The SNP’s leader at Westminster leader has branded Boris Johnson a “racist” who is unfit to lead the country.
Speaking during prime minister’s questions, Ian Blackford highlighted previous comments Mr Johnson had made about Muslims, Africans and Scots.
He refused to withdraw his allegation of racism despite being urged to do so by Speaker John Bercow.
Prime Minister Theresa May responded by saying whoever succeeds her “will be better for Scotland than the SNP”.
Mr Johnson, the former foreign secretary and London mayor, is widely seen as the favourite to win the contest to become the next Conservative leader – and therefore the next prime minister.
He secured a commanding lead in the latest round of voting on Tuesday, winning the support of 126 Tory MPs – 80 more than the second-placed Jeremy Hunt.
Nicola Sturgeon, the SNP leader and Scotland’s first minister, has repeatedly predicted that Mr Johnson would be a “disaster” in 10 Downing Street and would boost the case for independence.
Mr Blackford used his weekly question to the prime minister to claim that Mr Johnson had called for Scottish people to be “banned” from being prime minister.
He was apparently referring to an article written in the Spectator magazine by Mr Johnson in 2005.
Mr Blackford went on to say that Mr Johnson is “not only racist” but is also “stoking division in communities and has a record of dishonesty”.
His remarks caused uproar in the Commons chamber, with Mr Bercow urging Mr Blackford to be “extremely careful in the language he uses”.
Mr Bercow said: “I think it would be much better for now were he to withdraw any allegation of racism against any particular member.
“I don’t think this is the forum and I don’t think it’s the right way to behave.”
Analysis by Laura Kuennsberg, BBC political editor
The truth is Boris Johnson, alongside being a politician, has been a columnist who has made a coin by being provocative.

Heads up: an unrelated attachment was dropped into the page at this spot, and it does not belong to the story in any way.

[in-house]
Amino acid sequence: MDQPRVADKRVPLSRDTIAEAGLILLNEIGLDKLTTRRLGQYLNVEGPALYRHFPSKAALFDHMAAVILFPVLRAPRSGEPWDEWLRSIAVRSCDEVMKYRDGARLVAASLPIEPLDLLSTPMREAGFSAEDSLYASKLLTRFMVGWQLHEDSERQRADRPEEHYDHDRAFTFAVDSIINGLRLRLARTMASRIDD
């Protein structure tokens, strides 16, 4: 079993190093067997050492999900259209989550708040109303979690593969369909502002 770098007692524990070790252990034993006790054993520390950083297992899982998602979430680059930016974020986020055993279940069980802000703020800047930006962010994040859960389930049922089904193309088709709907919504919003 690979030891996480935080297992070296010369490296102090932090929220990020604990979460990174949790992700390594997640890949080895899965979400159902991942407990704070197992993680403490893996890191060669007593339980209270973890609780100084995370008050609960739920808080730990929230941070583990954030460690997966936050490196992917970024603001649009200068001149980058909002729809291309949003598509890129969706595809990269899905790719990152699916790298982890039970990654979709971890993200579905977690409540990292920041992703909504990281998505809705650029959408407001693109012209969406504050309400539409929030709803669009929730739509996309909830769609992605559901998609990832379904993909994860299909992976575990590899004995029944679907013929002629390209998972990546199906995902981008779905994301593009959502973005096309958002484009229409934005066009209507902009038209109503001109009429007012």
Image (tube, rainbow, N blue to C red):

It was his job to be so, but he has offended a lot of people in the process.
Of course, some of his comments have had real life consequences too – such as the case of Nazanin Zaghari-Ratcliffe.
And it’s because of this that many Tory Party members, who do love the cheerleader aspect of Boris Johnson, also have grave reservations about him.
Mr Blackford stood by his claim, adding: “The member has called Muslim women letterboxes, he described African people as having watermelon smiles and another disgusting slur that I would never dignify by repeating
“If that’s not racist, Mr Speaker, I don’t know what is.
“Does the prime minister honestly believe that this man is fit for the office of prime minister?”
The prime minister reminded Mr Blackford that the purpose of prime minister’s questions was to “ask the prime minister about the actions of the government”.
She went on to insist: “I believe any Conservative prime minister in the future will be better for Scotland than the Scottish National Party”.
Mrs May also said her party “takes the people of every part of this UK not only seriously, but we welcome the contribution from people of every part of this UK, because that is what makes the UK the great country it is and long may Scotland remain part of it”.